Speaking of the business of deities, just when did God make his presence known to his creation? The myth in Genesis states that we knew God from the 6th day of creation. The myth aside, one has to ask whether he made himself known to the Neanderthal. The presence of grave goods in some Neanderthal burials would suggest some sort of belief in the supernatural. Did the Neanderthals see ghosts? Did the painters of Lascaux know God? Is the expression of individualism, as is demonstrated by the hand prints silhouetted on the walls of their caves, an indication of their first steps toward an awareness of God? Creationists would have us believe that none of this is true; the universe came full blown into existence a little over 6,000 years ago. They will tell you that man and dinosaur existed at the same time, even though an immense chasm of time separates the two. Our mammalian ancestors co-existed with the dinosaurs but it is likely that, being very small, they were given little notice. When, in the several million year evolution of our species, did God make himself known? It is an unanswerable question and, as such, probably doesn’t matter.

As I grew older, I was distracted by this and other wonders. We stood at the threshold of the space age and I devoured anything written about it; a series of articles in Colliers Magazine, with marvelous illustrations of space ships and space travel, spoke of going to other worlds. At about the same time, thanks to Playboy and Ray Bradbury, I discovered science fiction. The science fiction I read looked outward at new worlds and alien species. We were not alone in creation. An editorial note is appropriate here. The very first issue of Playboy, the one with the nude pictures of Marilyn Monroe, also contained the first half of Ray Bradbury’s Fahrenheit 451. The concluding portion of the story was contained in the second issue. A family friend spending some time with us gave me both issues without the slightest hesitation. He had no children and I am forever grateful that he never questioned the appropriateness of giving the first two issues of Playboy to an 11 year old boy. This was the push that opened the marvels of the science fiction writers to me. But I digress.

By the time I reached my 20s, I no longer prayed and, to all intents and purposes, I had left the church. God, apparently not caring for this state of affairs, made certain that I made friends with a woman who was in the same state of doubt. The daughter of a Lutheran pastor, she also no longer saw the relevance of remaining in the church. She discovered C.S. Lewis and urged me to read Mere Christianity. Conversations and letters on this and other of Lewis’s writings talked me, and her, back into the church. A decision I have never regretted. And yet I have doubts.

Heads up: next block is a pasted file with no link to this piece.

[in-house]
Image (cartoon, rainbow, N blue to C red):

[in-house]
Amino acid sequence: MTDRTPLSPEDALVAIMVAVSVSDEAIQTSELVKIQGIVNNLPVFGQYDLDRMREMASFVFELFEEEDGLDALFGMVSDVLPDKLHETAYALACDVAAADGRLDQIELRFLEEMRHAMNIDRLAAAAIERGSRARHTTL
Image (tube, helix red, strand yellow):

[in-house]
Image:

Not doubts about the existence of God. Personal experience with the numinous has convinced me of the existence of the same. But I am not absolutely certain that we have gotten it quite right. For example, some that I know are excessively complimentary, one could say fawning, in their praise of God in their public prayers. You would think that the God of creation would know all of this and not need us to continually tell him how great he is. That should be a given. Yet we continue our flattery with language foreign to our daily existence. Do we do so to propitiate a god who could squash us like a bug? Certainly there are enough examples in the Old Testament about the almighty doing just that to give us pause. The Incarnation, central to Christian belief, of course, changes the nature of God. The jealous and vindictive storm god of Abraham becomes a God of goodness, love and mercy. Even so, I don’t think we have it quite right. The exclusivity of Christianity, for example, has been responsible for more excesses, some particularly horrific, than I care to recount here. God, in the opinion of some, is far more inclusive than others might think.

I am left, then with the question of the silence which descends on some of us. Early church fathers call it the dark night of the soul and Mother Teresa is but one prominent example. Some would say that the devil sits on my shoulder and whispers doubts into my ear, but that only complicates the matter. The doubts come not from the devil, but from the silence and we are left with the eternal question; “why?”